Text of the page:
Sorry Italy. This European integration stuff is all very well, but in a Lions year we have another task on our hands. A British and Irish Expeditionary Force must be assembled for the Australian campaign. And, frankly, it has got nothing to do with you lot.
Which is maybe a pity. What would Lions coach Warren Gatland give for the all-round excellence of Sergio Parisse in his back row, or the finishing power of Wesley Fofana on the wing? Or, indeed, the psychological advantage France gained in their 33-6 hammering of the Wallabies in Paris two months ago?
But even without the Continental dimension, Gatland is spoiled for choice. That embarrassment of riches brings its own problem in the captaincy issue, as none of the front-runners to lead the squad is guaranteed a place in the side. In eight weeks, that should be resolved. But this is what we think the team chosen today might look like.
Rob Kearney (Leinster/Ireland)
Recently returned from a long absence, and with no Heineken Cup distractions, Kearney should be fresh. Has all the counter-attacking skills needed against Australia.
Tommy Bowe (Ulster/Ireland)
Chris Ashton is Bowe's main rival for the 14 shirt, but experience and attitude should favour the prolific Irishman.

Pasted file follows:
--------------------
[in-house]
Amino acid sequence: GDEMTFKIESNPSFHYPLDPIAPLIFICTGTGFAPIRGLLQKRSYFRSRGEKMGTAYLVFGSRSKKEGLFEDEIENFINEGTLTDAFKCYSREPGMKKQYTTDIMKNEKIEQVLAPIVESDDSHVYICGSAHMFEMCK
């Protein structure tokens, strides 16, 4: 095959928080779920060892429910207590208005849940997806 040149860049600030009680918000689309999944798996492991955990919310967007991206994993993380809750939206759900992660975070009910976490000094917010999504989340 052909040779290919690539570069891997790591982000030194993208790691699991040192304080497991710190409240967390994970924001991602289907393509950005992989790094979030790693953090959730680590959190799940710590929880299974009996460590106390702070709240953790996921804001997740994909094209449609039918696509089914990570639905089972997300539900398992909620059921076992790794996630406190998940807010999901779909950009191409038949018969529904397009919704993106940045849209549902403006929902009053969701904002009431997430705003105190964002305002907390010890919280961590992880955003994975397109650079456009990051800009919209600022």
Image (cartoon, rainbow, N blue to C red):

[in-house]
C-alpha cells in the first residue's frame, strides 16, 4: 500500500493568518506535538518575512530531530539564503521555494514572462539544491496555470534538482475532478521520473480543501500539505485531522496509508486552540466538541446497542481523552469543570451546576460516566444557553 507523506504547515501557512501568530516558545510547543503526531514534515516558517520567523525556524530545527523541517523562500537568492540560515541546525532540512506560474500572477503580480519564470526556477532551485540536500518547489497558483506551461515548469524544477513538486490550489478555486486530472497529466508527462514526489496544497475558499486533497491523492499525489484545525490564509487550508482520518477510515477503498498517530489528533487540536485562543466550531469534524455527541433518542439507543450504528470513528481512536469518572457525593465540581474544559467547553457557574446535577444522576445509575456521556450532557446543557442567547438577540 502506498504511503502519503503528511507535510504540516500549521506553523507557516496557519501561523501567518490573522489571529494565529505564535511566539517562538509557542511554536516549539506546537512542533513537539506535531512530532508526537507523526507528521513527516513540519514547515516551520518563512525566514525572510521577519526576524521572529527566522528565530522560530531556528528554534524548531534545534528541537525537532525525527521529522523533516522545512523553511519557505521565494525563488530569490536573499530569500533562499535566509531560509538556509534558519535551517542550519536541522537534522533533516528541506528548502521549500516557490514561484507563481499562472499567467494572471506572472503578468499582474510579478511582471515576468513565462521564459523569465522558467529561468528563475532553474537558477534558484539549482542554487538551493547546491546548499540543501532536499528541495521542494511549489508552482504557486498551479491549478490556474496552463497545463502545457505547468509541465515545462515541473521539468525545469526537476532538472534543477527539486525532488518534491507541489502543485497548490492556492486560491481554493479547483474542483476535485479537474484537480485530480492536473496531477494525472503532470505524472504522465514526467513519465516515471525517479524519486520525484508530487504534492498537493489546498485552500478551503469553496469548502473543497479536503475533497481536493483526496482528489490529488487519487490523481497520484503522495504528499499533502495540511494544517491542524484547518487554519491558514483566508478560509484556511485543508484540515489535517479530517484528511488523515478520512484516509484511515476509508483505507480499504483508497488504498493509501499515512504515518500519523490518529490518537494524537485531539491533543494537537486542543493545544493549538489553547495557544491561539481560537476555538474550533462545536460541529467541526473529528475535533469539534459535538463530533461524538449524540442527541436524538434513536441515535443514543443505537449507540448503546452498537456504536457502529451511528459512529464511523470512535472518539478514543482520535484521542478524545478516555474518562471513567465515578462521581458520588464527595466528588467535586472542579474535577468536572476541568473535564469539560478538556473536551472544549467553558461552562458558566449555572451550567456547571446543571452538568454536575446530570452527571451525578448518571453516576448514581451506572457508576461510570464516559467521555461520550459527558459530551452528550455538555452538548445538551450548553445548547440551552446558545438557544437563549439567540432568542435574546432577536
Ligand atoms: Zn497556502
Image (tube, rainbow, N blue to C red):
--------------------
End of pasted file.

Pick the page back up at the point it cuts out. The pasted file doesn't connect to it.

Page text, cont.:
Manu Tuilagi (Leicester/England)
Just too good to leave out. Maybe not the best defensive centre, but his power and skills going forward more than compensate.
Jamie Roberts (Blues/Wales)
Player of the tour with the Lions in South Africa four years ago, Roberts shines on the biggest stage.
George North (Scarlets/Wales)
The Welsh Jonah Lomu. Big man, great skills and a scoring record to die for. But needs a big Six Nations as Tim Visser is right behind him.
Jonathan Sexton (Leinster/Ireland)
A worker and an all-rounder, Sexton has been the best 10 available for some time. And the Lions will need a top-notch goal-kicker.
Mike Phillips (Bayonne/Wales):
England's Danny Care could push him all the way, but Phillips will still be the first port of call for Gatland.
Ryan Grant Glasgow/Scotland)
A beacon in a dismal 2012 for Scotland, Grant may well muscle his way into the loosehead slot as Ian McLauchlan, David Sole and Tom Smith did before him.
Rory Best (Ulster/Ireland)
A close call, as Dylan Hartley and Tom Youngs are also in the frame (as is Ross Ford if he rediscovers his form). But Best is the safe bet for the moment.
Adam Jones (Ospreys/Wales) Dogged, dependable, a rock in the Welsh front row for the past decade. Though an in-form Euan Murray would have a shout.
Richie Gray (Sale/Scotland)
A huge man with sublime skills, Gray is as good in defence as he is in rampaging attack. This should be the stage to put club and country disappointments aside.
Joe Launchbury (Wasps/England)
Maybe still a touch callow, but if the Wasps lock continues on his autumn trajectory he could get there.
Dan Lydiate (Dragons/Wales)
Best player in the Six Nations last year, Lydiate is a tackling machine and Gatland loves his willingness and work ethic.
Chris Robshaw (Harlequins/England) Will the No 7 shirt come with a captain's armband sewn in? If so, it is between Robshaw and Sam Warburton of Wales. On current form, the Englishman edges it.
Jamie Heaslip (Leinster/Ireland)
Hard as nails and with a sharp rugby brain, Heaslip was targeted by South Africa four years ago. Australia won't be any happier to see him.
Contextual targeting label: